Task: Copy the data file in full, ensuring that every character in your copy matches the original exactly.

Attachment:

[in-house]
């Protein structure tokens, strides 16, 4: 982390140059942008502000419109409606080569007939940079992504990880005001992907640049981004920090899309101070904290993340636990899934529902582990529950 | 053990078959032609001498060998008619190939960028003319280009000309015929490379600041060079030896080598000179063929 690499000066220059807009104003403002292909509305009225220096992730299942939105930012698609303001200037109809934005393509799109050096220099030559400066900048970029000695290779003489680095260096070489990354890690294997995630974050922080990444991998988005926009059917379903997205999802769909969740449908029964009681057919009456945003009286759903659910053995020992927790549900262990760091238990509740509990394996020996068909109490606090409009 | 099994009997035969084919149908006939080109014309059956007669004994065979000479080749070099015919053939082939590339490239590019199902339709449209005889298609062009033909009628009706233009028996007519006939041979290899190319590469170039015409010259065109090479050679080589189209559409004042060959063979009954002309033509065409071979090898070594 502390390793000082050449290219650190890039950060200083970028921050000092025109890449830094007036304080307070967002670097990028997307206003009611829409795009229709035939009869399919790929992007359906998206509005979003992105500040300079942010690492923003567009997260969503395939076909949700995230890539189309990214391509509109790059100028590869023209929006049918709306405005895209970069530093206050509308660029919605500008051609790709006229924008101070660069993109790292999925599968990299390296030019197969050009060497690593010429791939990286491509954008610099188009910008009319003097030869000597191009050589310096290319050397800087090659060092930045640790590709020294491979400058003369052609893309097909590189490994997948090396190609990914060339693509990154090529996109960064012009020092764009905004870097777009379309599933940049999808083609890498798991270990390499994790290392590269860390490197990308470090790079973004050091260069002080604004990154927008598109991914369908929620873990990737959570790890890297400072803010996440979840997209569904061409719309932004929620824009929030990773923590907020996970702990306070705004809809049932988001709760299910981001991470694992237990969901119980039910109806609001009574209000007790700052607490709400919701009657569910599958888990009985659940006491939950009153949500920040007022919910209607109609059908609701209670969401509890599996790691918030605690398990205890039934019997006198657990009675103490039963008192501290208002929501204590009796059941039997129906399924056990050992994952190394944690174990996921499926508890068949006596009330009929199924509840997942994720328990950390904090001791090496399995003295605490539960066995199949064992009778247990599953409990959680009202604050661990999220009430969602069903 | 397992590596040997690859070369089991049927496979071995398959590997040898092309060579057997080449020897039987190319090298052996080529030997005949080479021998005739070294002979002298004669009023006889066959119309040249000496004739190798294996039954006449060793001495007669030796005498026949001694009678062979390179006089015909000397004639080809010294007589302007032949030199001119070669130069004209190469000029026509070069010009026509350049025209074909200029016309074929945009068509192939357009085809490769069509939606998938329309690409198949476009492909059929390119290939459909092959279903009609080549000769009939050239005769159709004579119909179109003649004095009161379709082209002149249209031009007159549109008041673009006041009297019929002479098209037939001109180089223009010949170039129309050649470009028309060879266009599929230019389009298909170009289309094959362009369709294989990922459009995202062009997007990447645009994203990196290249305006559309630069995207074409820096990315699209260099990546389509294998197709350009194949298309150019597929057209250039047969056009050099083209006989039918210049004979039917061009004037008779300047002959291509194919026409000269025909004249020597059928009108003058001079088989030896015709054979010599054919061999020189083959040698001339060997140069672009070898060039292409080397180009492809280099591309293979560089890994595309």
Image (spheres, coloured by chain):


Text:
[in-house]
């Protein structure tokens, strides 16, 4: 982390140059942008502000419109409606080569007939940079992504990880005001992907640049981004920090899309101070904290993340636990899934529902582990529950 | 053990078959032609001498060998008619190939960028003319280009000309015929490379600041060079030896080598000179063929 690499000066220059807009104003403002292909509305009225220096992730299942939105930012698609303001200037109809934005393509799109050096220099030559400066900048970029000695290779003489680095260096070489990354890690294997995630974050922080990444991998988005926009059917379903997205999802769909969740449908029964009681057919009456945003009286759903659910053995020992927790549900262990760091238990509740509990394996020996068909109490606090409009 | 099994009997035969084919149908006939080109014309059956007669004994065979000479080749070099015919053939082939590339490239590019199902339709449209005889298609062009033909009628009706233009028996007519006939041979290899190319590469170039015409010259065109090479050679080589189209559409004042060959063979009954002309033509065409071979090898070594 502390390793000082050449290219650190890039950060200083970028921050000092025109890449830094007036304080307070967002670097990028997307206003009611829409795009229709035939009869399919790929992007359906998206509005979003992105500040300079942010690492923003567009997260969503395939076909949700995230890539189309990214391509509109790059100028590869023209929006049918709306405005895209970069530093206050509308660029919605500008051609790709006229924008101070660069993109790292999925599968990299390296030019197969050009060497690593010429791939990286491509954008610099188009910008009319003097030869000597191009050589310096290319050397800087090659060092930045640790590709020294491979400058003369052609893309097909590189490994997948090396190609990914060339693509990154090529996109960064012009020092764009905004870097777009379309599933940049999808083609890498798991270990390499994790290392590269860390490197990308470090790079973004050091260069002080604004990154927008598109991914369908929620873990990737959570790890890297400072803010996440979840997209569904061409719309932004929620824009929030990773923590907020996970702990306070705004809809049932988001709760299910981001991470694992237990969901119980039910109806609001009574209000007790700052607490709400919701009657569910599958888990009985659940006491939950009153949500920040007022919910209607109609059908609701209670969401509890599996790691918030605690398990205890039934019997006198657990009675103490039963008192501290208002929501204590009796059941039997129906399924056990050992994952190394944690174990996921499926508890068949006596009330009929199924509840997942994720328990950390904090001791090496399995003295605490539960066995199949064992009778247990599953409990959680009202604050661990999220009430969602069903 | 397992590596040997690859070369089991049927496979071995398959590997040898092309060579057997080449020897039987190319090298052996080529030997005949080479021998005739070294002979002298004669009023006889066959119309040249000496004739190798294996039954006449060793001495007669030796005498026949001694009678062979390179006089015909000397004639080809010294007589302007032949030199001119070669130069004209190469000029026509070069010009026509350049025209074909200029016309074929945009068509192939357009085809490769069509939606998938329309690409198949476009492909059929390119290939459909092959279903009609080549000769009939050239005769159709004579119909179109003649004095009161379709082209002149249209031009007159549109008041673009006041009297019929002479098209037939001109180089223009010949170039129309050649470009028309060879266009599929230019389009298909170009289309094959362009369709294989990922459009995202062009997007990447645009994203990196290249305006559309630069995207074409820096990315699209260099990546389509294998197709350009194949298309150019597929057209250039047969056009050099083209006989039918210049004979039917061009004037008779300047002959291509194919026409000269025909004249020597059928009108003058001079088989030896015709054979010599054919061999020189083959040698001339060997140069672009070898060039292409080397180009492809280099591309293979560089890994595309």
Image (spheres, coloured by chain):